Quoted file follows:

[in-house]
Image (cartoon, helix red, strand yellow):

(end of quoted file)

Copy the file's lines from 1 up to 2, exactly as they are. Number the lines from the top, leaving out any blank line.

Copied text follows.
[in-house]
Image (cartoon, helix red, strand yellow):